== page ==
Former Egypt’s President Mohamed Morsi might not appear in court in Cairo because bad weather has prevented his departure from prison, officials say.
Other defendants have arrived at the police compound by helicopter but Mohamed Morsi is still in Alexandria.
Mohamed Morsi and 14 other Muslim Brotherhood figures are accused of inciting the killing of protesters outside a presidential palace in 2012.
He was removed by the army last July after demonstrations against his rule.
Mohamed Morsi’s supporters have since held regular protests calling for his reinstatement.
Last Friday at least 11 people died in clashes between police and pro-Muslim Brotherhood demonstrators across Egypt.
A helicopter carrying some of the defendants arrived at the National Police Academy complex in Cairo for the hearing early on Wednesday, reporters said.
However state media said Mohamed Morsi’s arrival had been delayed by bad weather. He is being held at the city’s Burj al-Arab prison.
Egyptian media said thousands of police were on alert and TV pictures showed some pro-Morsi protesters being arrested as they waved the four-finger salute adopted by supporters of the ousted president.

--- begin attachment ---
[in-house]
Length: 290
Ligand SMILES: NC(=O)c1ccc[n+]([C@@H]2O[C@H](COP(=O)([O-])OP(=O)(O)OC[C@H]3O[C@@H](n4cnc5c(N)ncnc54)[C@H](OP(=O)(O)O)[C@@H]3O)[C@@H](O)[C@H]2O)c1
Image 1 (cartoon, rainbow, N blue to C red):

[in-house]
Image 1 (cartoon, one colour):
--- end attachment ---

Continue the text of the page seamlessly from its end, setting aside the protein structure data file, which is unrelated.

Mohamed Morsi is due to be asked to appoint a lawyer, which he refused to do during his initial appearance.
He also faces several other charges ranging from fraud to colluding with foreign militants in a terrorist plot.
Mohamed Morsi faces another court hearing at the end of January, accused with some 130 others of murdering policemen during a mass breakout from a Cairo prison in January 2011 shortly before the overthrow of President Hosni Mubarak.
Human rights groups have dismissed some of the allegations against him as preposterous.
Egyptian officials insist Mohamed Morsi will be given a fair trial but lawyers trying to defend him say they have been denied access to him.
He first appeared in court in early November amid chaotic scenes.
Speaking from behind bars, he insisted he was still the president and was being held against his will.
Mohamed Morsi refused to acknowledge the legitimacy of the court and would not wear a prison uniform.
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